Cataract Surgery

Cataract Surgery can help eliminate cloudiness, double vision, high glare, and other symptoms associated with cataracts. If you’re one of the millions suffering from cataracts, Shah Eye Center can help. Schedule an appointment for an eye exam to test for cataracts today.

Schedule Your Cataract Consultation

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Why Cataract Surgery?

Cataract surgery is an affordable option that should be considered if you have blurred vision that makes it difficult to read print, read signs while driving, or you find it difficult to engage in your favorite hobbies and activities.

Cataract surgery is currently the only option that can help eliminate the problems associated with cataracts and is often covered by Medicare, Medicaid, and most private insurance plans.

A cataract is a change in clarity of the lens inside your eye; a gradual clouding that can dull your vision. As your eyes age, the lens becomes cloudier, allowing less light to pass through your retina. The light that does reach the retina is diffused resulting in blurry vision.

A cataract develops in the crystalline lens or envelope of the eye. Imagine an envelope in your eye that is gradually being filled with a thick substance. As the envelope fills, a reduced amount of light can pass through your eye. The process is usually gradual and can lead to blindness.

Cataract removal surgery is one of the most common, safest and effective surgeries performed in the United States with 90% of people who have had cataract surgery obtained better vision afterward, per the National Eye Institute.

You don’t have to suffer from cataracts anymore. If you live in the McAllen, Laredo, Rio Grande Valley, Mission, or Weslaco, TX area, choose Shah Eye Center for cataract surgery. Schedule your cataract consultation today and start on the path to give life to your eyes.

Cataract Surgery Options


The Acrysof® IQ ReSTOR® IOL is a unique technological innovation that can provide you with enhanced image quality and a full range of vision – near, far and everywhere in-between – for increased independence from reading glasses or bifocals!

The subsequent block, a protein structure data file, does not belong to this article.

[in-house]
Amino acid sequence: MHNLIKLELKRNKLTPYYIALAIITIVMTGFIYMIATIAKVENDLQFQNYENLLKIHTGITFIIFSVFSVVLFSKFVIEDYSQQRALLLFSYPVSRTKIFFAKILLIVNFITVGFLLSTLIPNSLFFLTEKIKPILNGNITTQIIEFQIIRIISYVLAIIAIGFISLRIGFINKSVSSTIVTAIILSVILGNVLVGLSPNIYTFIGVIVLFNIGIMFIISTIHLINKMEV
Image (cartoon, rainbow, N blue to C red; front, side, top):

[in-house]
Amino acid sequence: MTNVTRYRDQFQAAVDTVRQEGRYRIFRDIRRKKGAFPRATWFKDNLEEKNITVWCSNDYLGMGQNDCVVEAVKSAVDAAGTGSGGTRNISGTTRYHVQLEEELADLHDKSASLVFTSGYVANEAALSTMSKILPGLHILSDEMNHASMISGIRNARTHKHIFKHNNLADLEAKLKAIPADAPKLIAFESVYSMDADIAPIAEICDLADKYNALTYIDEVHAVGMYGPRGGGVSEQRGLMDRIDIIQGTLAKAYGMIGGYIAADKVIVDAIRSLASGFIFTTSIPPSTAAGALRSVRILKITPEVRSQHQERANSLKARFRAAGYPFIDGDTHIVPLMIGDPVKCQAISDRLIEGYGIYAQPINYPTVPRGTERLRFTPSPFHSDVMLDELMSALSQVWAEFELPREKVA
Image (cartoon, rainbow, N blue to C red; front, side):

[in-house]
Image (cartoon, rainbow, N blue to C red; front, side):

For cataract patients with astigmatism, we offer the Acrysof® IQ Toric platform, which takes precise astigmatism correction to the next level by replacing your cataract-clouded natural lens for clear vision and correcting corneal astigmatism. The Acrysof® IQ Toric lens reduces your need for glasses to see at a distance.

Tecnis Multifocal

The advanced TECNIS® Multifocal Acrylic Intraocular Lens is an implantable lens that restores vision after cataract surgery and corrects presbyopia (the need for reading glasses).

What Can I Expect During Cataract Surgery?

Thinking about getting cataract surgery but want to know more about the process? Read the steps below to understand what to expect.


You may receive medicated eye drops to prevent infection, inflammation and to minimize discomfort. Although awake for the procedure, you’ll likely receive a mild sedative for comfort and relaxation

Tiny Incision

A tiny incision will be made in your cornea and a small probe will be used to break apart and remove the old lens.


Insert Replacement

A replacement intraocular lens (IOL) will be inserted in your eye. Typically, the IOL is rolled up in the tip of an injector tool so that it can be inserted through the same tiny incision.

Protective Patch

Once injected, the IOL unfolds perfectly into place. Stitches are usually not required. Your eye should heal itself naturally. As a precaution, a protective patch may be placed over your eye during recovery

What Are The Risks Associated with Cataract Surgery?

  • Infections
    After surgery, you must keep your eye clean, wash your hands before touching your eye, and use the prescribed medications to help minimize the risk of infection.
  • Floaters
    Floaters are little “cobwebs” or specks that seem to float about in your field of vision. If you notice a sudden increase in floaters or flashes, contact Shah Eye Center immediately.
  • Retinal Detachment
    Cataract surgery slightly increases your risk of retinal detachment. Other eye disorders, such as high myopia (nearsightedness), can further increase your risk of retinal detachment after cataract surgery.

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